Discussion in 'General Sailing Discussion' started by Windifferent, Nov 18, 2005.
Very nice CaptTom!!!
Thanks Brandon. Been chasing this story for a while, and figured better get out there to get at least the photos.
Conchwood just told me they moved it about 100 feet today, need to spend a little time dredging more for the next pull. At least she is moving.
I went out yesterday and they were pumping sand. she is sitting on a old dead reef which is about 8ft down covered with 8ft of sand, so they have pumped the inital sand around where she sat and turned her, then pumped a narrow "channel" forward towards deeper water and pulled [dragged] her ahead into that one. now working on next forward stretch and putting that sand in hole she left behind. should be pulling again in next couple days.Captian of salvage boat has suddenly become very quiet on info though.
Here's a recent photo courtesy of conchwood with the dredge at the bow clearing a channel. Realize that this is a tidal area, so the depth of dredging and time of pull have to be controlled. Either way, this is more progress than Legacy has seen in almost two years, so it's a step in the right direction.
Fellow member conchwood was able to get out to Legacy last week after about a week and a half of snotty weather all across South Florida.
They look to still be making progress extracting Legacy, albeit slower than originally anticipated. Conchwood mentioned the day he was out there, there was a flurry of activity with various folks running between Legacy and the houseboat fleet.
There also was an AP story out last week on Legacy, pretty much regergitating old news. Conchwood and I will do our best to keep everyone informed as to the status. The photos shows additional booms on site, that can either mean they are going to step up operations or are having a problem of controlling the sand.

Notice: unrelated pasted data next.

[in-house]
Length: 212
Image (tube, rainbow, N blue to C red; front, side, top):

thanks for the update
Conchwood and Capt Tom, thanks for the great pics and updates. Can you enlighten us as to how far they move Legacy at a time, and how far she has to go to refloat? Details are interesting.
I've heard that the yacht is moving about 10 feet/day. Conchwood recently mentioned that they may want to dredge more before the next pull.
The yacht was originally pushed in almost a mile onto the flats. And there is a cable, or series of cables connected, that reach along the original path of entry back to a work boat out in deeper water.
Here's a few shots.
We'll pass more along as we get it. But since we have posted here at YachtForums and did the story at The Triton, several others news organizations have done follow-up stories, but mostly restating old news and no photos from going on site. So perhaps CNN and AP follow YachtForums also?
Great Capt. Tom.
Thanks for the updates and best of luck to all involved.
at the hilton dock in key west, where he allegedly refused to pay $3.oo a foot for docking, ,,,,,,the boats floated up. the boats floated down. such was the case for most of the livaboards in key west. i am land locked in key west. my house doesn't float. i had 2 feet of ocean in my house. boats floated up---boats floated down.
Here's a photo from Oct 11 courtesy of conchwood. Progress seems slow, but they are continuing the efforts.
Asailsman, it looks as though they have pulled her approximately 400 feet, based on the positioning of the yellow floats behind her (not noticable in this photo) and the placement of stakes along the path.
Conchwood will get back out when he can. I will make a trip back out in Nov, possibly a fly-over to better show progress.
CaptTom, I'm confused in your article it says they expect to take 3 weeks. What did they expect to finish in three week? Surley not the entire salvage, I say this because my friend on the salvage crew (his father and uncle own the salvage company) said he would be down there close to a year and long if you include towing it to where it will be loaded on a ship to go to Italy.